Wasn't planning on the forks...

J

It is not easier to fit bottles in a frame without a frame bag than with one that I am describing!  IIRC the problem with your frame from the point of view of carrying stuff in the triangle is not that it is extremely small, but that is compact with a steeply sloping top tube, no?

You have mentioned forks at least twice - where are you planning on putting them?

quixoticgeek

  • Mostly Harmless
Re: Pavé Proof Bottle Cage
« Reply #42 on: September 14, 2020, 02:41:13 pm »

It is not easier to fit bottles in a frame without a frame bag than with one that I am describing!  IIRC the problem with your frame from the point of view of carrying stuff in the triangle is not that it is extremely small, but that is compact with a steeply sloping top tube, no?

Yep, the top tube slopes down a lot.

Quote

You have mentioned forks at least twice - where are you planning on putting them?

Behind the saddle. I used the forks as an example in my earlier post as many can understand that as a position. I ask about bottle cages that are good at retaining bottles. Not about where to put bottle cages to maximise the retention. I was specific in my original wording.

J
--
Beer, bikes, and backpacking
http://b.42q.eu/

Cudzoziemiec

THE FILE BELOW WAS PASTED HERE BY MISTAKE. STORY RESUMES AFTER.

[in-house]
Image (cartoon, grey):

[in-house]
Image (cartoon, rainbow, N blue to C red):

• Eating all the pies and drinking all the tea.
Re: Pavé Proof Bottle Cage
« Reply #43 on: September 14, 2020, 02:51:16 pm »
It's both fortunate, because of the chances of cross-fertilisation of ideas, and unfortunate, because it's easy to confuse them, that this thread is happening at the same time as this one.
Days become simply the spaces between dreams, spaces between the shifting floors of time...

Re: Pavé Proof Bottle Cage
« Reply #44 on: September 14, 2020, 03:10:47 pm »

Behind the saddle. I used the forks as an example in my earlier post as many can understand that as a position. I ask about bottle cages that are good at retaining bottles. Not about where to put bottle cages to maximise the retention. I was specific in my original wording.

J

OK.  Behind the saddle is a much more common, and hence widely-understood, place to put bottles than on forks - especially in the UK, the land of the time trial.

Bottles are much more likely to eject from behind the saddle than a fork as the back of the bike bounces more.  Most saddle mounts eject bottles at some point.  I would not fancy the chances of any cage in retaining a bottle in that position over pave.  In fact, I would be pleasantly surprised if the cage itself was still attached after a few miles!

Re: Pavé Proof Bottle Cage
« Reply #45 on: September 29, 2020, 10:35:08 pm »
I blame the government.

They built the pavement too close to my arse.

Not everybody's a 6' + giant.
I'm 5' 8" male and its getting V/difficult to get clothes that fit properly never mind bikes.

Re: Pavé Proof Bottle Cage
« Reply #46 on: September 30, 2020, 10:44:57 am »